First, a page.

A4E seeks to lower the cost of the EU’s airports by ensuring that monopoly airports are effectively regulated, that passengers receive the full benefit of the non-aeronautical revenues which they generate at airports, and that charges are cost-related, efficient and non-discriminatory.
Airport charges account for about 20% of airlines’ total cost. Over the last ten years, airport charges have risen by more than three quarters, in direct contrast to a 20% decrease in air fares delivered by European airlines over the same period. There must be strict regulatory oversight to ensure that monopoly airports do not abuse their dominant position by over-investing or over-charging airport users. Strong, robust, independent and effective economic regulation is needed to replicate competitive market outcomes where airports enjoy significant market power, in order to protect users and consumers against airports’ abuses of their dominant position. Indeed, airport charges should be based on efficient costs and investments that deliver the services that passengers and airlines require, and are willing to pay for. Hence it is vital that the necessity and the cost of airport infrastructure is justified, transparent, and agreed between airports and airport users.
The EU Airports Charges Directive 2009/12/EC (ACD) was meant to harmonize the regulatory framework on airport charges in Europe by setting minimum requirements on consultation and transparency in order to compensate for the market power of the airport as the sole infrastructure provider at a given city or in a given region. Yet the ACD has failed to provide the right framework for incentivising airports to be efficient and for preventing excessive charging and excess profitability. In its current format, all the ACD requires is:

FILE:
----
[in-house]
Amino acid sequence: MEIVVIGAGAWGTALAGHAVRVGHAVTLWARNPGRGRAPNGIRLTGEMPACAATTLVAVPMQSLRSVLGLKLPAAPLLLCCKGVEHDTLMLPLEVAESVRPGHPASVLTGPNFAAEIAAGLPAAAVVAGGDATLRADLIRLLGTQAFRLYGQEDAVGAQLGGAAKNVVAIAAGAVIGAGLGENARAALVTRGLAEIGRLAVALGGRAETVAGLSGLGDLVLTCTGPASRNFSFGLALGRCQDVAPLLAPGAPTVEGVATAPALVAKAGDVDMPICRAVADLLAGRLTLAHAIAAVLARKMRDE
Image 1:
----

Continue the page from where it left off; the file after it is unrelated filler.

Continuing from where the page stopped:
- for Member States to have an independent supervisory authority (ISA) – but it does not set out what these authorities should do;
- for airports to have some transparency around costs – but it does not say how these costs should be efficient and controlled, nor what the level of transparency and cost-relatedness required should be;
- for airports to consult on charges – but it does not detail how airport users’ views have to be taken into account;
- for airports to consult on new investments – but it does not define how airport users’ views have to be taken into account in the master planning, especially in the early stages of investment decisions.
In its current state, the ACD is inadequate. It only deals with the procedural aspect of consultation, and does not protect airport users from airports’ abuses of their market power. In addition, the ACD leaves too much room for interpretation, resulting not only in very heterogeneous national regulatory frameworks within Europe, but also in increased uncertainty.